Since March, almost every week my daughter (Menen) and I have walked to Debark and back to do the weekly shop and to visit the post office. It’s a twenty-mile (36 km) round trip and involves climbing from Dib Bahir (at 2,200 metres) to the top of the escarpment rim (3,000 metres).
In the dry season we used to take a donkey with us to carry the shopping home. But when the rains began in May, we stopped using the donkey, and just bought enough provisions to carry by hand ourselves. My husband (Asenake) now does the main shopping trip by public transport.
Last Wednesday (23 July) we walked with Habte, a student who is staying with us during the holidays.
I was up at 5 am because we intended to leave at 6 am, but what with one thing and another we didn’t get away until 7 am. The first hour was spent walking along the road to the bottom of the escarpment (that’s the Great Northern Escarpment of the Simien Mountains).
Menen and Habte on the road to Debark (7.30 am)
Low cloud kept the temperature cool, making walking very pleasant. After that first hour of road-walking, we began climbing the escarpment using footpaths, which were steep shortcuts, because the road winds here and there and, although it rises gently, it covers a much greater distance.
view east (Simien Mountains obscured by low cloud)
the footpath up the escarpment
a stretch of level road called Awra Godana (8.30 am)
Later the cloud lifted and the temperature rose. To save time, we took shortcuts that involved fairly easy climbing of cliffs. Because of the damp conditions, we were extra careful on these steep bits. Eventually we reached Lema Limo, beneath the escarpment rim.
Kate and Menen at Lema Limo (10 am)
There Menen spotted some unusual beetles that I’d never seen before (and I have yet to identify them). The alkaline battery is for my camera. I do have rechargeable batteries but don’t use these on walking trips because of the risk of losing them.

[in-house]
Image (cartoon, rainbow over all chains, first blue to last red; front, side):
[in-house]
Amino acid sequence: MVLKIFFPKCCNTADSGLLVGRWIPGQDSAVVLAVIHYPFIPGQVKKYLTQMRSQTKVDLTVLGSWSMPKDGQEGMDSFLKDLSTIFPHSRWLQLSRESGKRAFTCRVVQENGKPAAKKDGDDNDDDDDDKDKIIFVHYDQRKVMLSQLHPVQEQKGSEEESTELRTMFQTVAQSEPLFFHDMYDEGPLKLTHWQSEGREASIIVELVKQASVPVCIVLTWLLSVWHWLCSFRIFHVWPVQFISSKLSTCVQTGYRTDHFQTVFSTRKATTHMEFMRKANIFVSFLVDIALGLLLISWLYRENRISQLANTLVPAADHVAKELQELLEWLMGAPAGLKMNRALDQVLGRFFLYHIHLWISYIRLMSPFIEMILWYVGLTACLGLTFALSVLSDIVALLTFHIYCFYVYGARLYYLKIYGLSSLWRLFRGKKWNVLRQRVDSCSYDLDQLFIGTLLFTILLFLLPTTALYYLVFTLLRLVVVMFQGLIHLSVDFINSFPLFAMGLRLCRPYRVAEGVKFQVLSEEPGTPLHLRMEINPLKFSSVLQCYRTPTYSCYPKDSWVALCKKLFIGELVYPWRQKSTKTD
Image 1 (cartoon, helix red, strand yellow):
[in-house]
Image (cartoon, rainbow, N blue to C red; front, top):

From the top of the escarpment, we looked west along the rim and saw thick cloud rolling in from the northern lowlands. It was very dramatic.
view west along the escarpment (10.30 am)
It takes an hour to walk down from the escarpment rim (3,000 metres) to Debark (2,900 metres). The new Chinese-built dual-carriageway in the town is now finished but is hardly used by vehicles. (In the late afternoon, I saw many local residents - some couples, but mainly groups of men - promenading along it.)
arriving in Debark (11.30 am)
Ethiopians do not eat pork but recently pigs have been introduced to Debark to help keep the centre clean. They eat organic rubbish, including human and animal faeces. As the town has grown (the population is now over 40,000), the problem of human faeces has become great, there being a lack of toilets for residents and market-goers. The pigs have multiplied, so now there are about fifteen of them. They look very healthy and seem to cope well with the high-altitude cold and wet.
pig for town centre cleansing
My sandal broke on the walk to Debark so I had to get it mended. A roadside cobbler did the job in ten minutes, using stitches and glue, for 6 birr (20p). (The cobbler declined to let me take his photograph.) We had lunch at a local restaurant, shopped in the market, and visited the post office and bank. It rained heavily at 4 pm.
Because we were too late to walk home (we must leave by 2.30 pm to ensure we are back before dark), we got a lift back to Dib Bahir in a lorry, which was a bumpy ride, but Menen thought it great fun. While I sat on a sack of potatoes, she and Habte hung on to ropes that crossed the back of the lorry. We were very lucky that it did not rain during our road journey.
We arrived home to find that there was a power cut. This being the rainy season, we are experiencing power cuts almost daily and are getting through a lot of candles.
a bumpy ride home
sunset (seen from the moving lorry near Dib Bahir)